Integrated Crop Management

Soil moisture conditions in late spring 2001

This season's soil moisture status varies a great deal from one area to another, but is generally wet across much of the state. Most areas have received at least some rainfall and the wet soil has kept producers out of fields in the southeastern and south central parts of the state. For current weather reports in your area, go to the Iowa State University Extension website [1].

The recent rainfall throughout the state has had a mixed impact on soil moisture. Current moisture conditions show a good moisture profile recharge for the top 5 feet, which is very encouraging in terms of soil moisture availability for the rest of the season. This level of moisture availability minimizes the impact of limited soil moisture stress usually experienced with dry conditions and is highly beneficial for crop development throughout the growing season.

Optimum soil moisture levels for crops

The optimum soil moisture for any soil is at field capacity, where water is available to the plant at the maximum level. Changes in soil moisture above or below field capacity have a negative impact on crop growth, nutrient status, and water availability.

Under the high moisture conditions that some fields are experiencing (where soil moisture is above field capacity or saturation), plant growth can slow down due to low oxygen availability in the root zone and loss of essential nutrients such as nitrogen due to leaching and denitrification.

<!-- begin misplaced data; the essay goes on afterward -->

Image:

In addition, surface runoff is a concern with wet conditions. Significant erosion could take place, leading to sediment and nutrient losses. However, under dry conditions (where soil moisture is below field capacity), the impact is limited to water availability to the crop and potential yield loss due to water stress.

Managing the field

Soil moisture is greatly affected by what happens in the field. Soil moisture availability or the history of moisture conditions for a particular field can provide a guide on how to plan and manage fields for implementing crop rotations, using alternative crops, changing plant populations and row spacing, and adjusting tillage practices to overcome adverse effects of moisture conditions.

Conservation practices play a significant role in managing diverse soil moisture conditions. One of the many benefits of soil conservation practices is moisture conservation. Crop residue along with no-till systems can minimize soil moisture loss from the soil's surface and maximize soil moisture storage.

The absence or limitations of soil disturbance in no-till also allows for the enhancement of beneficial soil physical properties such as increased infiltration rate, improvement of bulk density, and reduction of surface runoff and soil erosion.

In addition, wet soil conditions induce soil compaction from farm equipment. Therefore, producers should evaluate field conditions and respond accordingly. In some cases, light cultivation to reduce weed pressure due to high soil moisture availability may be needed.

Right now is also a good time to evaluate fields to see whether drainage systems are working properly, especially for poorly drained and fine-textured soils. Keeping records on field moisture conditions can help in planning drainage system improvements, if needed. Keeping field records on soil moisture conditions is as important as recording information about soil fertility, insects, and management practices. These records help explain yield variability across the field.

However, under the current prevailing wet conditions, the best choice producers can make is to stay away from the field--avoid traffic on wet soil to reduce soil compaction.

This article originally appeared on page 96 of the IC-486(12) -- June 4, 2001 issue.


Source URL:
http://www.ipm.iastate.edu/ipm/icm//ipm/icm/2001/6-4-2001/soilcond.html